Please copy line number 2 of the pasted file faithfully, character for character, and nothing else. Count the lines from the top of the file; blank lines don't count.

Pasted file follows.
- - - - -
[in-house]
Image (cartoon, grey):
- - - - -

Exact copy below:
Image (cartoon, grey):